I Release My Hold on All of it

A reader of one of my books wrote me a thank-you email and quoted from her favorite chapter where I describe what prayer means to me:
“Whatever is happening, whatever is changing, whatever is going or not going according to my plans—I release my hold on all of it. I leave behind who I think I am, who I want to be, what I want the world to be. I come home to the great peace of the present moment.” That’s what I wrote several years ago in Broken Open. I re-read the quote today, sitting at my desk, checking my email, typing with one hand because this afternoon, while holding the phone under one ear on a work call, and chopping vegetables for lunch at the same time, I sliced a piece of my thumb off. I am in a particularly busy time right now with work, family, travel, not to mention the general stress in the country. Not a good time to have the use of only one hand. But a good time to be reminded that fighting against what has already happened will only make things worse. And so I breathed in the words, felt my shoulders drop from around my ears, and I came home once again to the great peace of the present moment.

When I write deeply held truths, I am not the one writing—it’s the universal wisdom gracing me with temporary clarity. I turn the grace into words, but that doesn’t mean I live the truth of those words on a daily basis. The greatest compliments I ever get are that my books remind people of what they already know. How wonderful, on this particular day, a reader reminded me of what I already know, of what you already know: “Whatever is happening, whatever is changing, whatever is going or not going according to my plans—I release my hold on all of it. I leave behind who I think I am, who I want to be, what I want the world to be. I come home to the great peace of the present moment.”

Getting to the Marrow of Who We Are

My younger sister Maggie was a renaissance woman—a no-nonsense nurse practitioner in a rural Vermont community, an accomplished artist, a mother and farmer and beekeeper and maple syrup producer. And she also was my stem-cell double, something we discovered when her lymphoma roared back into her blood after a long remission and she needed a bone marrow transplant in order to live. 

We were thrilled and also dumbstruck when it turned out that among the siblings, I was the one whose cell tissue perfectly matched Maggie’s. There are four of us in my family—all girls, each with a role given during childhood. I was the one with her head in the clouds. Maggie was assigned to the ground. She was the dependable, practical girl and I was the cosmic explorer. “Earth to Liz,” was a common refrain. As we grew, we changed. But the brand stayed put. It didn’t seem to matter that I had cofounded one the nation’s most respected adult education centers, or that I’d published several books, or raised three sons—my sisters always seemed surprised that I had acquired basic skills to navigate human existence. Family roles are hard to shake.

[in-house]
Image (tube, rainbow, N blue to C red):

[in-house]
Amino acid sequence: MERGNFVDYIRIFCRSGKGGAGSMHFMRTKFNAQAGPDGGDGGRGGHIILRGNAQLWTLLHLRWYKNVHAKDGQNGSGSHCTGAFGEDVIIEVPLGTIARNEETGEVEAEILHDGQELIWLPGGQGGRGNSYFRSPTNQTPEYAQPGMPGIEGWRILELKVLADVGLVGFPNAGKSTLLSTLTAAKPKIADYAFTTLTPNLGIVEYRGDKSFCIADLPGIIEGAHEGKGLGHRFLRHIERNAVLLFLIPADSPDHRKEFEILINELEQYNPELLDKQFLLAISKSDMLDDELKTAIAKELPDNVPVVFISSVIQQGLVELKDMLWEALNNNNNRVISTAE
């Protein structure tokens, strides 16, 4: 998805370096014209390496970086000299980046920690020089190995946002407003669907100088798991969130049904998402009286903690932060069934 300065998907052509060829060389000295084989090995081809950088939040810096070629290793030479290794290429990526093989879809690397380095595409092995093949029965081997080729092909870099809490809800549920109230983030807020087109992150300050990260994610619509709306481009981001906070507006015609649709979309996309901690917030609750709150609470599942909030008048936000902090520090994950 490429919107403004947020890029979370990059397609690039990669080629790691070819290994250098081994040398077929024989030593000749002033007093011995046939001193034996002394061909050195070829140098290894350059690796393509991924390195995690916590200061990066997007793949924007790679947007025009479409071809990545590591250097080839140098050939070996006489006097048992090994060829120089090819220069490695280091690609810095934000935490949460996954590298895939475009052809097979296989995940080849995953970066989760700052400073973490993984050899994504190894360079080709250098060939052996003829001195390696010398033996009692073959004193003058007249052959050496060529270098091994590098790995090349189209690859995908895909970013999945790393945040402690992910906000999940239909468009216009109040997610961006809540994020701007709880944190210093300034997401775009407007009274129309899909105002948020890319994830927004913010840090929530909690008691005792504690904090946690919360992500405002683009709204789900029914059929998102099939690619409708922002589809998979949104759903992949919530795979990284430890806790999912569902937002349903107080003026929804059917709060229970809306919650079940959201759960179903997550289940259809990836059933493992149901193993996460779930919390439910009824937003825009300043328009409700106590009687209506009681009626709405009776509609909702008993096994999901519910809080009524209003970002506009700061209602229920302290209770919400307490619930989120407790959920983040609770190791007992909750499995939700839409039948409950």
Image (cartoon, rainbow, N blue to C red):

Before having my bone marrow harvested and transplanted into Maggie’s bloodstream, I read up on what Maggie would face after transplant. The gravest dangers were of cell rejection and attack—Maggie’s body might reject my cells, and my cells might attack Maggie. Both reactions could kill her. Rejection and attack: those words had a familiar ring to them. Although we had always loved each other with that fierce sibling kind of devotion, we also had gone through periods of rejection and attack. Close in age, yet far apart in temperament and beliefs and career and lifestyle choices, I wondered if perhaps Maggie and I needed to do something prior to the transplant to teach our cells how to get along once my stem cells took over producing all the blood in Maggie’s body. 

So I suggested that we do a “soul marrow transplant” along with the bone marrow transplant—that we revisit our childhood and follow the threads of rejection and attack throughout our years of sisterhood. That, in the presence of a therapist, we dig into the marrow of our relationship; that we offer each other honesty and explanation and forgiveness; that we uncover an unconditional kind of love that would penetrate deep into our cells and give the transplant its best chance of working. I fully expected Maggie to reject or attack that idea, since she had a skeptical, bemused attitude about anything that smacked of therapy or spirituality.